Wednesday, March 30, 2011

Sakura in Tokyo - Yasukuni Shrine, Shinjuku Gyoen & Inokashira Park

Sakura Trees around Yasukuni Shrine
Entrance to Yasukuni Shrine

This is my third article about Sakura viewing spots in Tokyo. In this article, I will introduce three more fantastic sakura viewing locations, namely Yasukuni Shrine, Shinjuku Gyoen and Inokashira Park. 

To access my previous articles on Sakura in Tokyo, click the titles below:

Due to the current radioactive scare caused by the damaged Fukushima nuclear power plant, I believe many have cancelled their Sakura viewing trip to Japan this year. I hope that the nuclear crisis can be overcome soon and people can start visiting Japan again next year. While praying for the recovery from the disaster suffered by Japan, these Sakura in Tokyo articles and pictures will serve as an alternative for Hanami (sakura viewing) online. Note that these pictures were taken in Tokyo last year, while actual sakura has only started to bloom at the time this articles is written. They are fore-casted to reach full bloom in about one week from now.

Yasukuni Shrine 靖国神社
Located in Central Tokyo, Yasukuni Shrine is a Shinto shrine dedicated to the soldiers and others who died on behalf of the Emperor of Japan. This is also the controversial shrine for the enshrinement of World War II war criminals. The shrine was founded in 1869 as Tokyo Shokonsha, and was renamed Yasukuni Shrine in 1879 where Yasukuni means "peaceful country" in Japanese. There are about one thousand cherry trees planted here.

Yasukuni Shrine is just a short walk from Kudanshita Station, which can be reached by taking the Hanzomon, Tozai and Shinjuku Subway Lines. It is also located opposite of another popular sakura viewing spot, Chidorigafuchi as introduced in my previous sakura viewing article. So, plan to spend more time here as there are two popular sakura viewing locations for you to visit. Another advice is to be there early as these spots will be flooded by both visitors and locals especially during the full bloom period. There is no entrance fees charged to visit Yasukuni Shrine.

Entrance of Yasukuni Shrine as seen from Chidorigafuchi
Statue of Omura Masujiro at the entrance of Yasukuni Shrine
Entrance to Yasukuni Shrine
Yasukuni Shrine
Cherry trees of Yasukuni Shrine
Sakura trees in Yasukuni Shrine
Japanese lady taking picture of a Sakura flower with her mobile phone
A child having a close look at the Sakura flowers

Shinjuku Gyoen 
Shinjuku Gyoen is one of Tokyo's largest park and features more than a thousand sakura trees of more than a dozen different species. With an entrance fees of 200yen for adults, it is one of the most popular hanami (flower viewing) spot in Tokyo where it will be crowded by early April each year. There are three types of garden in Shinjuku Gyoen, an English landscape garden with wide lawns, a traditional Japanese garden with teahouses and a symmetrically arranged, formal French garden.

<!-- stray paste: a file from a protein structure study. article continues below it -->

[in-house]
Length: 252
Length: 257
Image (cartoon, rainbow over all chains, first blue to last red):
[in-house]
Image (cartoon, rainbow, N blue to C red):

Shinjuku Gyoen has three gates. The Shinjuku Gate is a 10 minute walk east from the "New South Exit" of JR Shinjuku Station, while Sendagaya Gate is a 5 minute walk from JR Sendagaya Station on the local Chuo/Sobu Line. If you like taking the subway, Shinjukugyoenmae Station on the Marunouchi Subway Line, is a short walk from either the Okido or Shinjuku Gate. My recommendation - get ready to walk a lot in this huge park. While it will be packed with people, it should not cause a lot of trouble enjoying the sakura flowers as the park is very spacious, enough for one to walk freely.

Shinjuku Gyoen
Hanami in Shinjuku Gyoen
Shinjuku Gyoen flooded by people
Sakura tree in Shinjuku Gyoen
Sakura flowers at full bloom from Shinjuku Gyoen

Inokashira Park 井の頭恩賜公園
Inokashira Park is considered a gift from the emperor to the general public. Located in Mitaka, western Tokyo, it is a popular hanami spot for locals. A pond is featured in the park where people can rent a boat to get close to the cherry trees.

The park is located south of Kichijoji Station of JR Chuo Line, at a 5 minutes walking distance. The entrance to the park is free. My recommendation - Although the park is not as spacious as Shinjuku Gyoen, the crowd will not cause much problem for one to view sakura trees. So, you do not need to rush to this place at the beginning of the day. Go to those places that will be extremely crowded first to avoid the peak hours, then visit here later of the day.

A pedestrian bridge to cross the pond in Inokashira Park
Hanami from the rowing boat
Hanami from the pond in Inokashira Park
Cherry Trees along the shores in Inokashira Park
Sakura trees in Inokashira Park

With this, I end my Sakura in Tokyo series of articles. I hope you benefited from my recommendations and enjoyed my pictures. If you like them, please share these articles with your friends and family.

Coming up, I will share some of the sakura pictures taken along a canal behind my previously rented house in Kisarazu town. Stay tuned and have a nice sakura season all around the globe, even if you are not in Japan.

Update: Sakura in Kisarazu

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